One of our newer contributors, Cleveland W. Gibson, has taken us up on our plea for feedback in issue 75 and sent us five letters. This is the kind of interaction we like, and we encourage others to follow Cleveland’s example!
I've just visited issue 74 and read my story. Seems funny but seeing it up there on the screen took me by surprise. I'm delighted with the way it turned out. I think I've caught the right bit of tension in there. Let's hope the other readers enjoy it as well.
Cleveland W. Gibson
The story is “The Time Jungle.” I think you express a very common feeling about seeing one’s own work “in print,” as it were. We hope other contributors feel the same way and that they enjoy the story, as well; it’s very imaginative and a lot of fun.
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For what it's worth here are some answers to your questions. I attempt to talk straight and not pull any punches.
As a writer I'm not worried by rejection slips; I'm more worried when editors do not answer at all. But in the case of BwS I have had a good, quick response time. Friendly and very confident service.
Never mind what others may think about the look, my feeling is it looks great. Where can I find a site so easy to read? Different colours for the type and background are just a click away. Some other sites use a dark red or blue on a black background. It is so difficult to read I wonder if anybody really bothers.
People who read BwS are fans; those who don't are missing out. The image of BwS is good. Surely readers must pick up the vibes that they are in good company? My suggestion for 2004 is to tell a friend about BwS.
The readers guide is a neat, well written teaser. It is enough to 'hook' the reader and 'softly, softly catch the monkey.' I'd say keep it in BwS.
Cleveland W. Gibson
And thank you, Cleveland! We take pride in presenting a clean, readable website. We’re always open to suggestions for making it even more reader-friendly. And we also make a point of replying as promptly as possible; we know how important that is to contributors. Jerry and I do the best we can with our respective work schedules and filing systems, but if a week goes by without an acknowledgement, please don’t hesitate to check back. We also like your idea for a “New Year’s resolution”! Little by little, the word does seem to be getting out...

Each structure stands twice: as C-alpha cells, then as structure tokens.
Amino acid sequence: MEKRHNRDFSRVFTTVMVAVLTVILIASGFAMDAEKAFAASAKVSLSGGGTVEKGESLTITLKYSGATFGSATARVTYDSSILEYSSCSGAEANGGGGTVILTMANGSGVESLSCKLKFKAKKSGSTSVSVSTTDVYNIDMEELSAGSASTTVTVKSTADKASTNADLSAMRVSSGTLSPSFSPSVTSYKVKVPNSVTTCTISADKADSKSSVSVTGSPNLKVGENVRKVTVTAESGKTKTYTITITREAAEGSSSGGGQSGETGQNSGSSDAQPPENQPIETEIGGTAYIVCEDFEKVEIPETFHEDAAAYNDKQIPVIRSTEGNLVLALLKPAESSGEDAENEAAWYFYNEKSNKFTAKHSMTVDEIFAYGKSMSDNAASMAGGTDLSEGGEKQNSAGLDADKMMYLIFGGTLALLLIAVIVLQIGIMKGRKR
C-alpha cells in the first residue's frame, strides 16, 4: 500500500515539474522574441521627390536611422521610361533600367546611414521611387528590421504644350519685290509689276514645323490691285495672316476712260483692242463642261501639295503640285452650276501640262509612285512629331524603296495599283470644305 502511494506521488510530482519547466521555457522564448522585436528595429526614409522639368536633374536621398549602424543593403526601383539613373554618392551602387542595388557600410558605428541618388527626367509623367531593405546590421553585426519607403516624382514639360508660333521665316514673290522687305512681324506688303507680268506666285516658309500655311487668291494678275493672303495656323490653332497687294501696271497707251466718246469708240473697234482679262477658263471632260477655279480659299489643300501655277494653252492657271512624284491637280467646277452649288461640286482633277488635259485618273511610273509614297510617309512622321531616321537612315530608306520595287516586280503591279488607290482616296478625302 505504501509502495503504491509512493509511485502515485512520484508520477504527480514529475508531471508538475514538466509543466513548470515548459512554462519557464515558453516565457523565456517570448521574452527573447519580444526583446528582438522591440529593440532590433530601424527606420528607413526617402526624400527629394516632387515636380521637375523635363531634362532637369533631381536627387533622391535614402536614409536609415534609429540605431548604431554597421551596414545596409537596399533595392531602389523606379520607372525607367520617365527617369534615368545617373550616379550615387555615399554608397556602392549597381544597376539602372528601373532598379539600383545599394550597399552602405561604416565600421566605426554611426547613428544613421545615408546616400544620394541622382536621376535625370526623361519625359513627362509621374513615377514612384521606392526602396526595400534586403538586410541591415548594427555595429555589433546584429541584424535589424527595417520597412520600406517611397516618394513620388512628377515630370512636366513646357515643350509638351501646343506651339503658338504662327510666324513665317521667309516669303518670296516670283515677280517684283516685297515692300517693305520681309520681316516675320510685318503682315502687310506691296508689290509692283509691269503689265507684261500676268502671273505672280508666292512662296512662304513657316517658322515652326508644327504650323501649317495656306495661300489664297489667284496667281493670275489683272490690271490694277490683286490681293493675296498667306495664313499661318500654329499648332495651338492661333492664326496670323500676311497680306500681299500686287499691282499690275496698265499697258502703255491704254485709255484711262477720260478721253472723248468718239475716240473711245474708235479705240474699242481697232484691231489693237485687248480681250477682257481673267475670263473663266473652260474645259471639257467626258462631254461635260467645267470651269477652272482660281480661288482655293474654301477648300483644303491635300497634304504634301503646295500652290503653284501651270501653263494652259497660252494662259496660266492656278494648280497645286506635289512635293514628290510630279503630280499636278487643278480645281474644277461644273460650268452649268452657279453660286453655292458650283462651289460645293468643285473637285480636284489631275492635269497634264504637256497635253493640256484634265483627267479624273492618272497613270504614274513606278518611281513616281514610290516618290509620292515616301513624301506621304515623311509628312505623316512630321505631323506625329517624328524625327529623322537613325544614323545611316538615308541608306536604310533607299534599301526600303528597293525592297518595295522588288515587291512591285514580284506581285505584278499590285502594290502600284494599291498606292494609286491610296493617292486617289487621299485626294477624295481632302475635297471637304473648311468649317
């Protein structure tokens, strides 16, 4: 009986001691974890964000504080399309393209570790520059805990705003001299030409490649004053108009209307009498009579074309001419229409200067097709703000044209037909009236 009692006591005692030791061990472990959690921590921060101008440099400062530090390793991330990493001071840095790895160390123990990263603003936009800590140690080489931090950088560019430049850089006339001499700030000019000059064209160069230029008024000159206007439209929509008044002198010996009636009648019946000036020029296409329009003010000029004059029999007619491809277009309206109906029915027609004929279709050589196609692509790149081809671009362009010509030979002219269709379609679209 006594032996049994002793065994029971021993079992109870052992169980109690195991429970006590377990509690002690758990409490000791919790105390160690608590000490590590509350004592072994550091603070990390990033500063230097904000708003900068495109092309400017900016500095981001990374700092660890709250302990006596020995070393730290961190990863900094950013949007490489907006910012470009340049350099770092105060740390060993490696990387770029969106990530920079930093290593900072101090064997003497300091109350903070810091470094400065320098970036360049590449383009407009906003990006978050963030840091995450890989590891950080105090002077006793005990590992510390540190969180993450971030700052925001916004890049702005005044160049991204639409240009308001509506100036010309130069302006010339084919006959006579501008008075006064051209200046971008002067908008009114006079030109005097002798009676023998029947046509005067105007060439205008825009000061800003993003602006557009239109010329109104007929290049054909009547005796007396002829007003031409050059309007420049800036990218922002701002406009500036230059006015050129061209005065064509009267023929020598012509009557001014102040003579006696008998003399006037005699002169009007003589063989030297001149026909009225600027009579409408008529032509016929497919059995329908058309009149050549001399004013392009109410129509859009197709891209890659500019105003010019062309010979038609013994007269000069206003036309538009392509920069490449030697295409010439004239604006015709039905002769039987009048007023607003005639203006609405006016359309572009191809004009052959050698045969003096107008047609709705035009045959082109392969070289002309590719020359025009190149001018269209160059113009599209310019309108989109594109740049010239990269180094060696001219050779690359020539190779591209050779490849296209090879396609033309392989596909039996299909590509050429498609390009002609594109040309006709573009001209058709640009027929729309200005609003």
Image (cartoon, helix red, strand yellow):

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I read the above story by P. J. Lawton and sent him an e-mail. I liked the fast moving picture he painted and the tension was there right from the start. He had me guessing what was happening but as the minutes ticked away things became clearer. I guess it's best never to trust anybody especially when money is involved.
The conclusion of the story was good; very dramatic. Now I wonder what would happen next. A very good read. Well done. Incidentally I visited his website and had a read. Some interesting stories there. One involved Elvis. As I'm a fan of Elvis I like the casual groovy and even a little creepy picture he told. Drugs and booze don't mix but then Elvis knew that in the end anyway.
The story is P. J. Lawton’s “A Requiem for Time Masters,” in issue 74; it certainly is dramatic and full of action. Sending an author an e-mail is very thoughtful; any writer would appreciate it. If anyone wants to contact an author but doesn’t have an address, you can send us a request for contact — or a message — and we’ll forward it.
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John Thiel certainly wrote a deep story here. It is full of hidden meaning and right from the start develops a compulsion of its own; I, the reader, need to know what is going to happen so I must read on. All around things are happening and right to the end, but there is no definite end. Perhaps it's because of that elusive other. I enjoyed this story and the hints of energy fields and other things. The story is well written, balanced and sprinkled with more than just bits of interesting information.
Thanks to John for sharing it with us.
The story is “That Elusive Other,” also in issue 74. John Thiel certainly has a gift for creating a mysterious atmosphere, doesn’t he? It’s a kind of philosophical ghost story, in a way. There are all sorts of ways of reading it.
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I've just re-read your story 'Don't Get Noticed' and I liked it. The idea of a lecturer talking to students about the dangers of time travel is interesting and refreshing. It seems the idea of traveling back in time is loaded with the threat of being noticed. If arrested by the Romans and thrown into jail, what would have happened? I liked seeing what the setting was in the old days but being aware of the complications and the risks. You've created a canvas of intrigue and even stuck a reference to Van Gogh in there.
Keep writing. I'll be in touch again quite soon.
“Don’t Get Noticed” was an occasional piece for our “Christmas issue,” number 76. Thank you for the compliments, Cleveland. And yes, the reference to Van Gogh was a kind of in-joke and a tip of the hat to you!
Copyright © 2004 by Cleveland W. Gibson and Bewildering Stories